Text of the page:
“The New Republic has always been both in love and at war with its prior self,” Snyder wrote, addressing the awkward masthead shakeup. “The magazine’s early decades were marked by abrupt ownership changes, unceremonious dismissals of editors, shifting policy positions, and uprooted headquarters, all accompanied by masthead upheavals.”
Along with hiring Snyder to replace former editor Franklin Foer, the magazine’s CEO, Guy Vidra, had announced that the print publication schedule would be slashed from 20 to 10 issues per year and that TNR planned to move its headquarters from Washington, D.C. to New York City.
Snyder sought to assure readers that those changes wouldn’t detract from TNR’s mission to present a progressive take on current events.
“But if our founders sat down today to settle on the best way to achieve this mission, they would not have picked a weekly printed magazine and ignored a vast array of digital publishing possibilities,” he wrote. “And just like any publication with hopes of success in the world of 2014, they would want The New Republic to be better at welcoming into our fold readers, writers, and editors who reflect the American experience as it exists today.”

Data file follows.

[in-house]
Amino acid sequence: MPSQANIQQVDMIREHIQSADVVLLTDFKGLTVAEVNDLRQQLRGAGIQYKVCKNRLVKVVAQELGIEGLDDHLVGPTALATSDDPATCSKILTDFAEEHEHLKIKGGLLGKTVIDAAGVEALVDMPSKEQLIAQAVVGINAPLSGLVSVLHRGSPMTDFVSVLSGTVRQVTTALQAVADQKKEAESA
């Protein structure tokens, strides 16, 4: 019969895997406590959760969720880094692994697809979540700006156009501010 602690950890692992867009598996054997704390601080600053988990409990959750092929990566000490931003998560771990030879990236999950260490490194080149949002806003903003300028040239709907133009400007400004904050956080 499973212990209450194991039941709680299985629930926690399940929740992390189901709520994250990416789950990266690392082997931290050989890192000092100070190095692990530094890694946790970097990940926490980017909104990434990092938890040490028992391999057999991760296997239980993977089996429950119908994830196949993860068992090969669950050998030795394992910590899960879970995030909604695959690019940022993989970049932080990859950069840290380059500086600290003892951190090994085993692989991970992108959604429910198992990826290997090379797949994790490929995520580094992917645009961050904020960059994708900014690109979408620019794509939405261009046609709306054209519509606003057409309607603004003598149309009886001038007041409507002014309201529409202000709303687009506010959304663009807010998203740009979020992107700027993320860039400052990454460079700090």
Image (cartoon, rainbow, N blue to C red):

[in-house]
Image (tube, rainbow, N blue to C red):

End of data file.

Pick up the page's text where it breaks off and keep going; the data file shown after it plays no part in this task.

To that end, Snyder pledged to bring in new contributors that are “diverse in race, gender, and background.”
“As we build our editorial staff, we will reach out to talented journalists who might have previously felt unwelcome at The New Republic,” he wrote. “If this publication is to be influential, and not merely survive, it can no longer afford to represent the views of one privileged class, nor appeal solely to a small demographic of political elites.”
Snyder announced some of those new contributors Monday on Twitter:
— Gabriel Snyder (@gabrielsnyder) December 22, 2014
Read the whole editor’s note here.